Biochemistry, Biophysics and Molecular Biology, Roy J. Carver Department of, Bioinformatics and Computational Biology
Journal or Book Title
Journal of Molecular Biology
The functioning of proteins requires highly specific dynamics, which depend critically on the details of how amino acids are packed. Hinge motions are the most common type of large motion, typified by the opening and closing of enzymes around their substrates. The packing and geometries of residues are characterized here by graph theory. This characterization is sufficient to enable reliable hinge predictions from a single static structure, and notably, this can be from either the open or the closed form of a structure. This new method to identify hinges within protein structures is called PACKMAN. The predicted hinges are validated by using permutation tests on B-factors. Hinge prediction results are compared against lists of manually-curated hinge residues, and the results suggest that PACKMAN is robust enough to reproduce the known conformational changes and is able to predict hinge regions equally well from either the open or the closed forms of a protein. A group of 167 protein pairs with open and closed structures has been investigated Examples are shown for several additional proteins, including Zika virus non-structured (NS) proteins where there are 6 hinge regions in the NS5 protein, 5 hinge regions in the NS2B bound in the NS3 protease complex and 5 hinges in the NS3 helicase protein. Results obtained from this method can be important for generating conformational ensembles of protein targets for drug design. PACKMAN is freely accessible at (https://PACKMAN.bb.iastate.edu/).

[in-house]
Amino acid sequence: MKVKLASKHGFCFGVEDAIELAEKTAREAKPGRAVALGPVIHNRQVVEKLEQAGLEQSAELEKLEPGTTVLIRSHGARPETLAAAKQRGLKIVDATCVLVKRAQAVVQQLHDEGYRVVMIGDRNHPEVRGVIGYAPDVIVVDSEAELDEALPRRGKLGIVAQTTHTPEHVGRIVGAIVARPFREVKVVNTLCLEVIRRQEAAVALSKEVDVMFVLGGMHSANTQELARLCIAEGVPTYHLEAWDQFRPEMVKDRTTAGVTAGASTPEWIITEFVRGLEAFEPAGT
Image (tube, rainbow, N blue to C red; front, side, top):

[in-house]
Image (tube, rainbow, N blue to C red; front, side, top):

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Khade, Pranav M.; Kumar, Ambuj; and Jernigan, Robert L., "Characterizing and Predicting Protein Hinges for Mechanistic Insight" (2019). Biochemistry, Biophysics and Molecular Biology Publications. 259.